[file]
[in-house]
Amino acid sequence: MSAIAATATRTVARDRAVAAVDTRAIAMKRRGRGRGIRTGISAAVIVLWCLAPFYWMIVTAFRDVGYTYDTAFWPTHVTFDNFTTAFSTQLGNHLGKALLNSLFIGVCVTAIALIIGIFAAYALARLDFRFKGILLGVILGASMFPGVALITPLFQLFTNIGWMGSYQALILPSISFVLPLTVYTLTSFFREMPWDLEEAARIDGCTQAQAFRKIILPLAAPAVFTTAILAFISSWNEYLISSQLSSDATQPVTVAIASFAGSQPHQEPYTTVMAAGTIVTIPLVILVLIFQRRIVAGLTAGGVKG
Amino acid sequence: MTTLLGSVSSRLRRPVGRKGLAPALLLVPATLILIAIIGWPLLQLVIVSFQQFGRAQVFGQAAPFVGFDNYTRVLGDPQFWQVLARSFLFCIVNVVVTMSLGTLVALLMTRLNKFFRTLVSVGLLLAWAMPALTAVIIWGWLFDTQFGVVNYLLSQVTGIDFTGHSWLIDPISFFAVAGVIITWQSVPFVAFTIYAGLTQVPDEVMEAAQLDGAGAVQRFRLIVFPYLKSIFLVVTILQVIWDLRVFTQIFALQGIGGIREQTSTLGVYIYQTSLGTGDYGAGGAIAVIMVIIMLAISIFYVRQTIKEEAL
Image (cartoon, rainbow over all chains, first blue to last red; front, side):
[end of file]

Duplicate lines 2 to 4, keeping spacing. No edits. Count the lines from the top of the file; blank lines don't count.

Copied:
Amino acid sequence: MSAIAATATRTVARDRAVAAVDTRAIAMKRRGRGRGIRTGISAAVIVLWCLAPFYWMIVTAFRDVGYTYDTAFWPTHVTFDNFTTAFSTQLGNHLGKALLNSLFIGVCVTAIALIIGIFAAYALARLDFRFKGILLGVILGASMFPGVALITPLFQLFTNIGWMGSYQALILPSISFVLPLTVYTLTSFFREMPWDLEEAARIDGCTQAQAFRKIILPLAAPAVFTTAILAFISSWNEYLISSQLSSDATQPVTVAIASFAGSQPHQEPYTTVMAAGTIVTIPLVILVLIFQRRIVAGLTAGGVKG
Amino acid sequence: MTTLLGSVSSRLRRPVGRKGLAPALLLVPATLILIAIIGWPLLQLVIVSFQQFGRAQVFGQAAPFVGFDNYTRVLGDPQFWQVLARSFLFCIVNVVVTMSLGTLVALLMTRLNKFFRTLVSVGLLLAWAMPALTAVIIWGWLFDTQFGVVNYLLSQVTGIDFTGHSWLIDPISFFAVAGVIITWQSVPFVAFTIYAGLTQVPDEVMEAAQLDGAGAVQRFRLIVFPYLKSIFLVVTILQVIWDLRVFTQIFALQGIGGIREQTSTLGVYIYQTSLGTGDYGAGGAIAVIMVIIMLAISIFYVRQTIKEEAL
Image (cartoon, rainbow over all chains, first blue to last red; front, side):